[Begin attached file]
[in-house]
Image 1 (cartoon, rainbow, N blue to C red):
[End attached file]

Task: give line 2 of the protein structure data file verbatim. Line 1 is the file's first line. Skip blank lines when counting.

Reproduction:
Image 1 (cartoon, rainbow, N blue to C red):